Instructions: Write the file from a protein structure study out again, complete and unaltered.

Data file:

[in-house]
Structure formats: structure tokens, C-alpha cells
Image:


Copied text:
[in-house]
Structure formats: structure tokens, C-alpha cells
Image: